Once, I read in the April issue of some analytical journal, a collection of dumb tech support questions, delivered to brighten our day for April Fool's -- anyway, here's one that your call has reminded me of:
Caller: Your system doesn't work
Editors note:Now, when an end user has decided that the system is no longer "their's" but is now "your's" you know that have seriously lost patience, and this is going to be one tough call
Tech: What is the problem?
C: It gives numbers that are way too high.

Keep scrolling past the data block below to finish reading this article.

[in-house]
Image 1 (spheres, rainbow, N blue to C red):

Intriguing observation, what could it mean?
T: What is your application?
C: I've just bought a new GC to replace an older model. I analyze drug samples for (some municipality) if I get a peak above a certain level, I know I have a positive result. Your new instrument is much too high.
That doesn't sound good.
T: How do you calibrate your instrument?
C: The installing technician does that.
That really doesn't sound right
T: How often does he do that?
C: When he installed it, of course.
T: For legal reasons, I can no longer talk to you. I suggest you, or someone in you lab receive basic training in quantitative analysis.
Editor: I'm left wondering, how much money I could make as a defense expert in this municipality.